On 1st March 2008, the Scotsman website hosted the following, supposedly commenting on remarks made by an Israeli Government Minister about rocket attacks on Israel from Gaza: "jews are not fit to breathe our air. They must be attacked wherever you see them; throw rocks at their ugly, hooked-nosed women and mentally ill children, and light up the REAL ovens."
We complained to the editor, who did not respond. We also reported this and other undisguised antisemitic comments on both Scotsman and Herald websites to the Press Complaints Commission which, however, dismissed the complaint on two grounds: firstly that the comments did not defame any individual, and secondly that they could not adjudicate on editorial discretion since none had been exercised! In addition we wrote to all MSPs and Ministers, many of whom also wrote to the editors to condemn their allowing the comments to appear. The First Minister and the then Lord Advocate both wrote to editors to remind them of their responsibility to monitor their websites. Speaking recently at a public meeting, the current Lord Advocate reiterated Crown Office's view that the media have a responsibility not be a conduit for hatred.
Meanwhile, the police were investigating the source of the above comment. Although he initially pled not guilty, he later changed his plea to guilty and his defence lawyer claimed in mitigation that his client was "a man with a great interest in world affairs and politics, and an ardent supporter of the Palestinian cause". When he added that Sandia had not done anything to incite violence, the Sheriff interrupted to ask whether his call for Jews to be attacked and stoned could be "suggestive of anything other than violence?"
When he first appeared for sentencing in November 2010, the Sheriff told him that "You clearly have hate in you, and I pity you for that. ... I am concerned to protect the public, and it is clear to me that a custodial sentence is appropriate." He said he did not, however, have the power to impose a significantly lengthy sentence, and that a light sentence "would only have the effect of turning you, in your own eyes, and in the eyes of your supporters, into a martyr. I choose not to do that." He therefore deferred sentence for a year, warning that "This does not mean you will escape custodial sentence, but that the possibility will be hanging over you for twelve months", and adding that the eventual sentence would depend on community reports about him which would be commissioned by the court.
When Sandia returned to court last month, an up-to-date background report had not been prepared, and sentence was again deferred until 9th December. On this occasion, the Sheriff said that although Sandia had "caused great hurt and damage to others" Sandia had been of good behaviour during the last year. Observing that Sandia had "paid by being subject to scrutiny", and further that he was unemployed and in poor health, and had already been put to the expense of travelling to Edinburgh to attend court on four occasions, the Sheriff admonished him. This is a warning which is a conviction and appears on the offender's criminal record.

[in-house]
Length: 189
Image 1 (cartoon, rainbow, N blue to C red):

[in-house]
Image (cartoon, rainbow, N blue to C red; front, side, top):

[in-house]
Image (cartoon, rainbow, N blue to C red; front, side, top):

Although the Sheriff decided against imposing a substantive penalty, we welcome his outspoken condemnation of Sandia's outrageous and abhorrent postings on theScotsman website as a clear signal that the law will not tolerate the abuse of freedom of speech to spread hatred.
We were appalled when the PCC refused to take any action in this case, and given the significant attention being paid to regulation of the media, we trust that this conviction will help prevent newspaper websites being used for the promotion of more racism and incitement in the future. It is worthy of note that Sandia was charged with publishing his comments at the newspaper's address in Edinburgh, despite the fact that he posted his comments from London and the offence they caused was in Glasgow. The Community Security Trust (CST) believes that this prosecution was unprecedented, and breaks new ground in establishing that the distributed nature of the internet does not offer protection from prosecution. For that reason, the case figures prominently in last week's report on Antisemitic Discourse from the CST which regards it as one of the worst examples of antisemitic hate-speech of the year.
Although Scotland is generally a comfortable place for Jews to live, the publication only the previous week of Government statistics that show that Jews are between 5 and 20 times more likely than others to the victims of racially aggravated crime has to give pause for reflection. Sadly, this case comes only a few months after a St Andrews student was convicted and expelled for a racist attack on a Jewish fellow-student. These cases give the lie to those who say it doesn't happen here, and Scotland should therefore be extremely proud of our police and prosecution authorities for taking decisive action against antisemitic comments on the internet and in the media.
We should never forget that the Holocaust did not begin with gas-chambers and death camps, but with name-calling, graffiti, boycotts, and degradation. Like the Nazis, their successors also might begin by attacking Jews or Muslims, but their hatred continually expands to new targets that they regard as "not fit to breathe our air". So soon after Remembrance Sunday, we should all remember what it was that those we honoured gave their lives for, and resolve to stand up against all these pedlars of hate.